The good news – Apple has now released its latest iPhone operating system upgrade – what it terms iOS 4.0. This is said to contain over 100 new features, and is the operating system that new iPhone 4’s come with as standard.
Most of these new capabilities can also be added to previous generation iPhone 3GS models, and many of them can be added to the earlier iPhone 3G model. If you have an original iPhone, it can not be upgraded to accept any of the new iOS 4 features.
But now for the bad news and Apple’s arrogance. What are these 100 promised enhancements and new features? And how to use them?
Incredibly, Apple doesn’t tell you. Perhaps this is because of their belief that the iPhone is so user-friendly and intuitive that it should be obvious and self-explanatory. Not so.
I spent seven hours struggling to download and install the new software (perhaps because I was rushing to do this on the first couple of days it was released, and I was doing it from remote locations in Scotland with only moderate bandwidth) and eventually had to totally wipe my iPhone before installing the new software, and then discovered that just because I’d synched all my data, that was sadly not the same as backing it up. I’ve no idea what synching does, but I do know that I lost a lot of contacts and other information, and many previously purchased and installed programs did not reappear subsequently (some did, others didn’t; and I’ve no idea as to why some did and others didn’t).
But, finally, I had the new software on my iPhone 3GS. So, like a kid in a candy store, I started looking for the 100 new features to play with and use. What were they? Where were they? How to use them?
I knew, for example, that the new software allowed for so-called multi-tasking. But how to activate this? I vaguely understood there to be some new ‘folder’ capability too. What was it and what did it do? Nothing, nowhere, answered these questions on the phone. There is no help file on the phone, neither is there a ‘What’s New’ text file or any other type of explanatory notes at all.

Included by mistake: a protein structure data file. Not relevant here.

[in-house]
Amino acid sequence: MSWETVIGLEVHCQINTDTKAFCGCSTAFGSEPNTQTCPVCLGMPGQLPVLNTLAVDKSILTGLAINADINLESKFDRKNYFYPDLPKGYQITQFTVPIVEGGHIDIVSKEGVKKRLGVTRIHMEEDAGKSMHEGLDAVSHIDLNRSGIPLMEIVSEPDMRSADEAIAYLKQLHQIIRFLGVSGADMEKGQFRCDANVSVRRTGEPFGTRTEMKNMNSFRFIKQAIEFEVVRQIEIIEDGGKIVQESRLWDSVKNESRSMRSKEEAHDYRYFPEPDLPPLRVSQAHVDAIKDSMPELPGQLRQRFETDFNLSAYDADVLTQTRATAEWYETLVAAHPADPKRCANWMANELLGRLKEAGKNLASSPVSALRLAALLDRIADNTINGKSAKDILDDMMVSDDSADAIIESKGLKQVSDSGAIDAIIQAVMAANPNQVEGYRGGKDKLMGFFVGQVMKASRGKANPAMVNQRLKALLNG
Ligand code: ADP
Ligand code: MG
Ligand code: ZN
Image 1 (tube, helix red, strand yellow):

Not having a help file or user manual on the phone is an extraordinary oversight. Think about it – the iPhone is potentially full of eBooks and other formatted text documents, manuals, books, videos, etc, and it has many GB of local storage. If ever there was a device designed to offer a built in help file, surely it is this. So why not, as part of the upgrade, copy over a ‘What’s New’ file? And why not also provide a Help application on the phone’s home screen?
Yes, you can download a 244 page manual from Apple’s website if you search around a bit to find it. The length of this manual seems to attest to the complexities of the operating system and the need for people to be able to read and learn about its features and functionality.
But accessing this document embodies the assumption that you’re conveniently online with a fast connection to the internet and not paying data charges. There I was in remote Scotland, much of the time with nothing faster than a GPRS connection (ie impossibly slow for web pages) and many people, if out of the country, could find themselves paying $400 each time they had to go online and access the online manual.
Why not copy the manual directly to the phone as part of the software update? And, please, give us a ‘What’s New’ file and/or a ‘Quick Start’ guide as well. Alas, there’s nothing on the iPhone itself, and nowhere can I find a simple list of the over 100 claimed new features in the new operating system. Apple lists 12 features on this page, including some as trivial as new home screen background choices and others that only work if you also have a Mac computer, but I can’t find anywhere a larger or complete list.
Note – if you can find a complete list on Apple’s website, please add a comment with its url.
It is somewhere between ironic and arrogant that a company which prides itself on the user-friendliness of its software fails to observe industry standard practices for documenting its new software.